Verification, Validation of Microbiology Methods
By Frederic J. Marsik, PhD, ABMMM
The key attribute of a laboratory method is its ability to produce accurate and precise results over extended periods of time with an appropriately rapid turnaround time. Accuracy and precision are readily measurable. The laboratory must have a detailed verification protocol for the evaluation of a method before beginning the verification procedure. In addition, a systematic approach (validation) must be in place for continuous monitoring of established methods which demonstrates that the testing process and consistency of results have not changed and that testing personnel remain competent to perform tests and report results. The processes of verification and validation, therefore, are part of the quality assurance program for the laboratory.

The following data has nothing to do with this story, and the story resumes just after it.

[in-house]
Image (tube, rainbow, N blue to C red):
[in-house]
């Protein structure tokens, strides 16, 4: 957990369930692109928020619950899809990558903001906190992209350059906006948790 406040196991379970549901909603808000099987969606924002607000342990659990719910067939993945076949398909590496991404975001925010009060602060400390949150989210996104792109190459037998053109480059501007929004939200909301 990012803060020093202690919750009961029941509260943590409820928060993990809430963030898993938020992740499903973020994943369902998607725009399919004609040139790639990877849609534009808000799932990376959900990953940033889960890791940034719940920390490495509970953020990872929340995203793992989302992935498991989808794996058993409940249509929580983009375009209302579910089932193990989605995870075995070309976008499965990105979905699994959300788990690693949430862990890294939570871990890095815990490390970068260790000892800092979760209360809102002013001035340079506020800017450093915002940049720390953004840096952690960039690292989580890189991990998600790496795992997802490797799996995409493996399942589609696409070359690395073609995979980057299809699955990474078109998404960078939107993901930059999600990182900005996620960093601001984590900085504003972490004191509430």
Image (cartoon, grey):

When verification and validation procedures are not carefully planned to ensure that regulatory requirements are met and corporate philosophies are maintained, noncompliance could result. Like other important activities in a complex organization, verification and validation must be managed. This is especially true since both activities are multi-disciplined. Relevant definitions also must be understood (Table).
Having an impact on validation and verification are the Clinical Laboratory Improvement Amendments of 1988 (CLIA '88). CLIA '88 extended federal regulation to cover all laboratories that examine human specimens for the diagnosis, prevention or treatment of any disease or impairment or for the assessment of the health of human beings.1